How to Classify Hazmat That Changes Its Characteristics
Posted on 2/19/2013 by Lion Staff
Q. I have to ship some solid phosphoric acid powder. The Hazardous Material Table says it’s a Class 8—Corrosive hazardous material. I thought that Class 8 was only for corrosive liquids. What’s up with that?
A. A material is a Class 8 hazmat if it fails the tests given in 49 CFR 173.137. The procedures for those tests are calibrated for liquids and are not suitable for solids.
In general, you classify a hazmat based on its properties at the time you offer it for transportation. But there’s one exception to this principle—when a solid material may become a liquid during transportation, either by melting or absorbing moisture from the atmosphere, and that liquid would be a Class 8 corrosive, then the solid must be classified and otherwise managed as a Class 8 corrosive hazmat.
“A liquid, or a solid which may become liquid during transportation, that has a severe corrosion rate on steel or aluminum based on the criteria in 173.137(c)(2) is also a corrosive material.” [49 CFR 173.136(a)]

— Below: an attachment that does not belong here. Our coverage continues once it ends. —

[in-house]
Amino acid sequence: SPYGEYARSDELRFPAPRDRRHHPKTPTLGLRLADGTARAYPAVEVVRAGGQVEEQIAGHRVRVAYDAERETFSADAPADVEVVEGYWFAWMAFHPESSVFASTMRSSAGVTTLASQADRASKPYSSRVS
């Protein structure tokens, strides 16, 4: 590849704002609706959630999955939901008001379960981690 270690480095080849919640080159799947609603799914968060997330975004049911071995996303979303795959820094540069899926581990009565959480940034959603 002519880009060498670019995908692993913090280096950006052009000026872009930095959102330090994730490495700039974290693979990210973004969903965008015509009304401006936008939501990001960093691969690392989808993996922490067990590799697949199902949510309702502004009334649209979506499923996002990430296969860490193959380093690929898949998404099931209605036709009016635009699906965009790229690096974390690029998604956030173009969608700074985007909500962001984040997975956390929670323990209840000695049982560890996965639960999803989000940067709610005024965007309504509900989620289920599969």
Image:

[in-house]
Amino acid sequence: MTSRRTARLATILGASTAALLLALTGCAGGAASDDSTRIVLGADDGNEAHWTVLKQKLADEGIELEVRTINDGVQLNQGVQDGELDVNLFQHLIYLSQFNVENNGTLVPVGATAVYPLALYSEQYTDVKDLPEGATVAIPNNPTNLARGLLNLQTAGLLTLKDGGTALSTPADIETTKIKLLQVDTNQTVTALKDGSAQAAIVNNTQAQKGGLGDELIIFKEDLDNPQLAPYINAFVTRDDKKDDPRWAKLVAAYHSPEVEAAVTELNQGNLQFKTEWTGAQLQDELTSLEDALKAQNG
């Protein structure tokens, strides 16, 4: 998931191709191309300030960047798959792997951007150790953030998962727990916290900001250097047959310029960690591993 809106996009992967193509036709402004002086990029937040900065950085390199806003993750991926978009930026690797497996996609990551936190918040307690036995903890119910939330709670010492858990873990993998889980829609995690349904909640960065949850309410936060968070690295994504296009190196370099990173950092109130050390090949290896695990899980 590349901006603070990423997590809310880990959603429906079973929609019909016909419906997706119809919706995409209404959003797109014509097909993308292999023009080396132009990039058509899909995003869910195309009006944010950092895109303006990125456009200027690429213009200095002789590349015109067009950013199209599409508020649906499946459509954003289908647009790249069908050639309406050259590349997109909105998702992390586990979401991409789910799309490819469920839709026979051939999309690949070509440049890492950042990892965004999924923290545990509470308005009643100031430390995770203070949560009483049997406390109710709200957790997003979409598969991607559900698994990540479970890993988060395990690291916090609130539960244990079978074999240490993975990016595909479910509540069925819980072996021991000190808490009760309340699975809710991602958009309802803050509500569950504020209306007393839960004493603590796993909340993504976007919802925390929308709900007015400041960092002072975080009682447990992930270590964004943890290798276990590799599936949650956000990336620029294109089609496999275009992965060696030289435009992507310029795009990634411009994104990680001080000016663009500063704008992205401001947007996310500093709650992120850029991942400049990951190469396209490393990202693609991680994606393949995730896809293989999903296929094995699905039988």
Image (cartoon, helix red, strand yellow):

An Example of Classifying Changing Characteristics
Take phosphoric acid for example. At room temperature, phosphoric acid is a crystalline solid, but its melting point is around 100° F. During the normal course of intermodal transportation, ambient temperatures can range from -40° to over 200° F.
This means it’s very possible for a consignment of solid phosphoric acid powder to liquefy during transport. When in a liquid phase phosphoric acid can corrode metal packagings and/or vehicles. Therefore, you must treat the solid powder as if it were a corrosive hazmat, even though it doesn’t quite meet the definition given.
In other words, if you ship a solid material that may become a Class 8 corrosive liquid during transport, it should be classified and named accordingly. So, although your material may not exhibit the characteristics of a Class 8 corrosive hazardous material when you ship it, it is correct to classify and name it as a Class 8 hazmat and package it accordingly.
How to Pack Meltable Solids
When packing solid hazardous materials that may become liquid during transport (i.e., meltable solids), there are special rules you must follow to accommodate this potential change in phase. [49 CFR 173.24 (a)(b)(3)] Specifically, the packaging must be able to contain the liquid in addition to providing enough absorbent material in the event of any damage or leakage with regard to inner packaging.
Learn all the DOT’s rules for classifying, packaging, marking, labeling, and documenting your hazmat shipments in full compliance with the Hazardous Materials Regulations at Lion’s Hazardous Materials Transportation Certification Workshop. For the full schedule, visit Lion.com.
What other unique hazmat classifying or packaging rules have you come across? Share below.
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